It's a popular name for a band, for obvious reasons (though I must confess I am one of those few people on planet Earth who, as a child, never read the books, and as an adult, never saw one of the movies-- nor even expressed the desire to do so).
It might be obvious by now that this is my favourite subgenre of progressive music: European classical chamber music combined with the modern excitement and energy of jazz and rock. The former seems almost sterile and dry, like traditional French cuisine with its lack of spices, while the latter forms alone seem to me like junk food, without any finesse or thought. So the combined effect of the best progressive music is both intellectual and emotional in what it brings to our level of enjoyment, think for example of the best thought-out, best-laid plans of Genesis tracks like The Firth of Fifth. All of which is to say that I love these two records, similar perhaps to the Marcia Meyer instrumental folk compositions I so briefly posted once.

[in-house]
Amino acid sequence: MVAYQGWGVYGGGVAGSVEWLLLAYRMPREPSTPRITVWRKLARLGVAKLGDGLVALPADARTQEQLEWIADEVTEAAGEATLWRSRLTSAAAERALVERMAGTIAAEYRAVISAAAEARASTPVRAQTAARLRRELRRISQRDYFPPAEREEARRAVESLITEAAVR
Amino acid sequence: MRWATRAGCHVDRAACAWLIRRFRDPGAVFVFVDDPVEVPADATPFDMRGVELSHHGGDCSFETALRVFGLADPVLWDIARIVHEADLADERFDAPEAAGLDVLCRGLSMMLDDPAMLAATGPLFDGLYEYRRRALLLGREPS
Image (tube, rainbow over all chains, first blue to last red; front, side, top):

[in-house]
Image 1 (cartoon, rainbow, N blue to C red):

Both albums are very similar and there is no deterioration such as one often finds in compositional level from the first to the second. They feature some relatively unique instruments as is obvious from the back scan. The great flute performance on Namaste from the first:
Title track of the second record:
Notice that Jim Palmer is responsible for most of the composition. Imagine humanity creating the most perfect music for the emotional and intellectual education of the brain-- this would be it for me.